The mash tun is a round vessel with a perforated bottom and arms that are used to stir the mash – the mixture of milled malts and hot water. It is fed by a tube and mixed with hot water, heated by waste heat from the distillery. Mashing extracts the sugars from the grains to become wort, which is then filtered through the grist bed and run off through the perforated bottom of the mash tun. The mash is rinsed with more hot water to extract the maximum amount of sugars.
The temperature of the wort varies from 65 degrees in the start of mashing to 95 degrees at the end. Before it is run into the fermentation room it is cooled to 20 degrees otherwise it would kill the yeast. The wort runs downwards to the fermentation room on Floor 3.
Floor 3 – Fermentation room
We have 12 fermentation tanks, each with a capacity of 9000 litres. From each mash we retain 8000 litres of wort. We use Swedish “kronjäst” yeast, which is normally used for making sweet dough. Fermentation takes four days and produces the wash – a “beer” of about 7% ABV, ready for distillation.
Floor 2 – Distillation
The stills are the traditional onion-shaped pot stills, made by the Forsyths Coppersmiths in Scotland. The stills are fired using bio-fuel (pellets) produced right outside the distillery.
The wash, heated by residual heat runs down into the wash still. During this phase of distillation the wash is circulated with a heat exchanger held at 115 °C so that it boils and the alcohol becomes vapour. The condenser chills the vapour to liquid again (called low wines) and this is collected in the intermediate tank. The boil is stopped when the alcohol content in the distilled vapour goes down to about zero. The spirit is then pumped to the low wines still.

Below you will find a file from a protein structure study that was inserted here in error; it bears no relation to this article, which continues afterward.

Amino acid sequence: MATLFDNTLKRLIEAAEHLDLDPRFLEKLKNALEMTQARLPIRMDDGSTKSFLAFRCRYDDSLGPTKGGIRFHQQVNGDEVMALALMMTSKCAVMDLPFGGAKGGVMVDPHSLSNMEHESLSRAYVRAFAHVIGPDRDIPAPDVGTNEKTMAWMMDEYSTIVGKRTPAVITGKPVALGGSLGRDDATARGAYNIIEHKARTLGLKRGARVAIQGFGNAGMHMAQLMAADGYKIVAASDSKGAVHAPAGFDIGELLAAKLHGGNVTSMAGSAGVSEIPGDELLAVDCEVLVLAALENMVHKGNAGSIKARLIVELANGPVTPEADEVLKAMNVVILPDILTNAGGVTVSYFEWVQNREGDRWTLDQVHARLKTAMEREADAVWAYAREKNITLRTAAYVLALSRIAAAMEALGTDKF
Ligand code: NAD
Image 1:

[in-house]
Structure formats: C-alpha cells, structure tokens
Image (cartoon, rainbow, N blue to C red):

Now finally, it is time to get really involved. The first runnings from distillation are called foreshots (or heads) and consist mostly of highly volatile, unusable alcohol and impurities. This is fed back into the intermediate tank. Then comes “the heart” – the part of the distillation that is used to fill the casks. The heart is collected in a separate tank called “the middle tank”. A valve is used so we can choose in which tank the spirit is collected. After the heart, come “the tails”, low in alcohol and containing unwanted components. These are run back to the intermediate tank.
Using our acute sense of smell and by measuring the alcohol content, we decide when the heart is “cut” from “the head” and when “the tails” are cut from the heart.
The spirit that ends up in the intermediate tank is returned to the low wines still and redistilled with the next batch from the wash still.
The stills are our main consumers of energy. All the residual heat is used to heat other stages in the process and for heating our premises. When the distillation from the low wines still is complete, the new-make spirit is run from the middle tank to the spirit store on Floor 1.
Floor 1 – New-make spirit store
The spirit from the middle tank is run to one of the two storage tanks in the new-make spirit store. Each tank has a capacity of 5000 litres. We mix 4-5 batches before diluting the new-make spirit to 63%. The new-make spirit is then ready for the next stage in its journey – to be filled into casks and matured in one of our maturation warehouses.
If you want to know more about the process or book a guided tour, contact us at email@example.com.